We have a few more pea plants (wow, those babies did good in the greenhouse, didn't they?) that we plan to place in our garden, where there is more sunlight. We can then see how they do compared to the peas in the pots.

Here are a couple shots I got during the process of getting those peas in the pots:

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AND..... HERE IS THE MOST EXCITING PART! (YES, I AM YELLING!)

After just one day, we looked carefully at our pea plants, and saw tender vines already reaching out to curl around the chain link!!! So far, the peas seem to like their new home!

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Wednesday, May 4, 2011

True Leaves

Right before we transplanted our seedlings the other day, we noticed that a new leaf had appeared on several of our zucchini plants. It had started out with two small round leaves, and suddenly a tiny, more jagged leaf was poking out:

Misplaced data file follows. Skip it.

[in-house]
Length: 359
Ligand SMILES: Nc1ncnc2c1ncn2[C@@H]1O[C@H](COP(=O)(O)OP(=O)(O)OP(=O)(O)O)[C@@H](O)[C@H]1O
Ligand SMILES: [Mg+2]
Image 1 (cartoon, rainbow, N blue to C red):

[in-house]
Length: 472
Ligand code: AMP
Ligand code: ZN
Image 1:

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WOW! Where did the little leaf come from? Isn't it beautiful?

Well, what we see poking out is the zucchini plant's first 'true leaf'. When a seed first emerges from the soil, it has a set of two leaves called cotyledons (the beautiful round leaves that we watched unfurl from each of our baby plants). The cotyledons are actually a part of the seed, and act as a food source for the sprouting seedling. At this time the seedling does not conduct photosynthesis. It gets all its food and nutrition from the cotyledons.

Cotyledons and True Leaf of a Seedling

As the seedling becomes stronger and healthier, it will begin to form two more leaves that look very different from the cotyledons. The true leaves will look more like what the plant’s leaves look like when mature. Once the true leaves are present, the plant is now actively photosynthesizing. Eventually the cotyledons will wither and fall off as the true leaves take over the job of feeding the plant.

What an exciting milestone! Our baby plants are one step closer to actually producing vegetables!